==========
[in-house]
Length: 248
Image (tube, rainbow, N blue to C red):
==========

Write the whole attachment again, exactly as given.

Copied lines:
[in-house]
Length: 248
Image (tube, rainbow, N blue to C red):